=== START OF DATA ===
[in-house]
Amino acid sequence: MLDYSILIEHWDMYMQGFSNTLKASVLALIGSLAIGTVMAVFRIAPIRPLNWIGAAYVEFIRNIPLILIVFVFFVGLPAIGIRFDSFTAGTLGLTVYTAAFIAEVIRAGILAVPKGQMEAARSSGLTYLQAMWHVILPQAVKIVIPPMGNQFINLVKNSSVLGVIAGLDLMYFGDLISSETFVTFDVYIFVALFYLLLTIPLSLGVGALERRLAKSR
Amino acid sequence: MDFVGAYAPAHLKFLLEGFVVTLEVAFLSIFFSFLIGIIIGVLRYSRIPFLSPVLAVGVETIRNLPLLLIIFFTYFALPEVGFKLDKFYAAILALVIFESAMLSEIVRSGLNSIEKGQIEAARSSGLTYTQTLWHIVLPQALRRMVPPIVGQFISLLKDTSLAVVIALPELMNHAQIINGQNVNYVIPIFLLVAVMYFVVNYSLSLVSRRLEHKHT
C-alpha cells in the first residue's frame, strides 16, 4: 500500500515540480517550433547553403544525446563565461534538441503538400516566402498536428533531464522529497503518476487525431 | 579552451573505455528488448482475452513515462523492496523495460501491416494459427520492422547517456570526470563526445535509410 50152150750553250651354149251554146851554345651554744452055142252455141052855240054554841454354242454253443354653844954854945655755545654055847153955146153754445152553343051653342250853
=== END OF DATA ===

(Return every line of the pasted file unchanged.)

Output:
[in-house]
Amino acid sequence: MLDYSILIEHWDMYMQGFSNTLKASVLALIGSLAIGTVMAVFRIAPIRPLNWIGAAYVEFIRNIPLILIVFVFFVGLPAIGIRFDSFTAGTLGLTVYTAAFIAEVIRAGILAVPKGQMEAARSSGLTYLQAMWHVILPQAVKIVIPPMGNQFINLVKNSSVLGVIAGLDLMYFGDLISSETFVTFDVYIFVALFYLLLTIPLSLGVGALERRLAKSR
Amino acid sequence: MDFVGAYAPAHLKFLLEGFVVTLEVAFLSIFFSFLIGIIIGVLRYSRIPFLSPVLAVGVETIRNLPLLLIIFFTYFALPEVGFKLDKFYAAILALVIFESAMLSEIVRSGLNSIEKGQIEAARSSGLTYTQTLWHIVLPQALRRMVPPIVGQFISLLKDTSLAVVIALPELMNHAQIINGQNVNYVIPIFLLVAVMYFVVNYSLSLVSRRLEHKHT
C-alpha cells in the first residue's frame, strides 16, 4: 500500500515540480517550433547553403544525446563565461534538441503538400516566402498536428533531464522529497503518476487525431 | 579552451573505455528488448482475452513515462523492496523495460501491416494459427520492422547517456570526470563526445535509410 50152150750553250651354149251554146851554345651554744452055142252455141052855240054554841454354242454253443354653844954854945655755545654055847153955146153754445152553343051653342250853